STONE MOUNTAIN, GA. – For the second time since the start of the COVID-19 pandemic, China has suspended imports from a US poultry producer.
According to information from USA Poultry & Egg Export Council (USAPEEC) and Reuters, OK Foods’ poultry plant in Fort Smith, Ark., can no longer export to China due to COVID-19 cases among workers.
OK Foods is a subsidiary of Mexico-based Industrias Bachoco SAB de CV. At the end of August, Arkansas health officials found 234 meatpacking workers tested positive for COVID-19.
“We feel this action is very unfortunate and that it is not justified,” said Jim Sumner, president of USA Poultry & Egg Export Council. “One reason we feel it is unjustified is that we know, based on several research findings, that the virus can’t be transmitted in poultry.”
In the latest USDA Foreign Agricultural Service data, broiler exports to China in July were 34,623 tons and valued at $57.6 million.
USAPEEC said that China previously asked companies to sign and provide letters attesting that China’s products are not a risk for COVID-19. The US Department of Agriculture advises companies not to sign such letters or give a statement.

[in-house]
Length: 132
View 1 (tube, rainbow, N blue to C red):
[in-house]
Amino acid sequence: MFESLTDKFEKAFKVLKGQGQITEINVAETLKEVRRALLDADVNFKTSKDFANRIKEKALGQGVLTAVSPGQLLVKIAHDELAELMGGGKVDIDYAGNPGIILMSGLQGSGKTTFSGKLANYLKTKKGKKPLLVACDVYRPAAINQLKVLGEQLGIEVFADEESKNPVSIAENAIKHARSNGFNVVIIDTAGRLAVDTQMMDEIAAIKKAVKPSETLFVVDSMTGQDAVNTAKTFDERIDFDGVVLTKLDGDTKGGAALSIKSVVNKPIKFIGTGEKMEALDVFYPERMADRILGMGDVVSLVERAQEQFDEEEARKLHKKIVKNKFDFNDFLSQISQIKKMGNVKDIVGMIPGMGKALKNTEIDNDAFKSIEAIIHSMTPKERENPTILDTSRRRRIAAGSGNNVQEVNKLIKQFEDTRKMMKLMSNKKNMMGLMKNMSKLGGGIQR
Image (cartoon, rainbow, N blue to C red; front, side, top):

Poultry from a Tyson Foods facility in Springdale, Ark. was suspended by the Chinese government in June, citing similar reasons.
“It is important to note that the World Health Organization, the Centers for Disease Control and Prevention, USDA and the US Food and Drug Administration agree that there is no evidence to support transmission of COVID-19 associated with food,” said Gary Mickelson, a spokesperson with Tyson regarding the ban on its poultry.
“At Tyson, we’re confident our products are safe and we’re hopeful consultations between the US and Chinese governments will resolve this matter,” he said.
During November 2019, China lifted a four-year ban on poultry from 172 US-based plants that began in response to a 2015 outbreak of highly pathogenic avian influenza (HPAI) resulting in the culling of 50 million birds in the United States. The United States was confirmed HPAI-free in 2017.